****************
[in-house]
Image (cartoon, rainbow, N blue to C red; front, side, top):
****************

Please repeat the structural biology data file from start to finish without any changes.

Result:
[in-house]
Image (cartoon, rainbow, N blue to C red; front, side, top):